Alternatively or additionally, the telemetry transceiver device may send the control instructions and/or the status information to one or more external physiological sensor devices (task 520) using, for example, the second wireless data communication protocol. Thereafter, the external physiological sensor device may be activated or operated as needed in response to the control instructions or the status information (task 522).

FIG. 5 depicts medical device data telemetry process 500 as a continuous loop. This is intended to represent a practical implementation that supports 24-hour monitoring by the remote computing architecture.

While at least one example embodiment has been presented in the foregoing detailed description, it should be appreciated that a vast number of variations exist. It should also be appreciated that the example embodiment or embodiments described herein are not intended to limit the scope, applicability, or configuration of the claimed subject matter in any way. Rather, the foregoing detailed description will provide those skilled in the art with a convenient road map for implementing the described embodiment or embodiments. It should be understood that various changes can be made in the function and arrangement of elements without departing from the scope defined by the claims, which includes known equivalents and foreseeable equivalents at the time of filing this patent application.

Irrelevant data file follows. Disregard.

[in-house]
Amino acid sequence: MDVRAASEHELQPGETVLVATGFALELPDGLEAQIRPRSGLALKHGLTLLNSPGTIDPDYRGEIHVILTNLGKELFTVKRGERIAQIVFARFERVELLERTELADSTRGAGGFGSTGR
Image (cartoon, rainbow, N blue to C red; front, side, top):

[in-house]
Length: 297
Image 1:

Referenced by
Citing PatentFiling datePublication dateApplicantTitle
US20120001751 *Jun 30, 2010Jan 5, 2012Welch Allyn, Inc.Body Area Network Pairing Improvements for Clinical Workflows
Classifications
U.S. Classification607/60
International ClassificationA61N1/00
Cooperative ClassificationA61N1/37282
European ClassificationA61N1/372D8R
Legal Events
DateCodeEventDescription
Apr 10, 2007ASAssignment
Owner name: MEDTRONIC, INC., MINNESOTA
Free format text: ASSIGNMENT OF ASSIGNORS INTEREST;ASSIGNORS:OORT, GEESKE VAN;BOUTE, WILLEM;STOOP, GUSTAAF A.P.;REEL/FRAME:019141/0413
Effective date: 20070330